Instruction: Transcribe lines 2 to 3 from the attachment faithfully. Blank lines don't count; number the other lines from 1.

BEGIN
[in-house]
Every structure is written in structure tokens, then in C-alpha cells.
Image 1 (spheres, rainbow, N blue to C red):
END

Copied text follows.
Every structure is written in structure tokens, then in C-alpha cells.
Image 1 (spheres, rainbow, N blue to C red):